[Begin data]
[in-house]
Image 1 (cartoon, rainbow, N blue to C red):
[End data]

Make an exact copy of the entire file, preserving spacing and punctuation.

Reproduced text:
[in-house]
Image 1 (cartoon, rainbow, N blue to C red):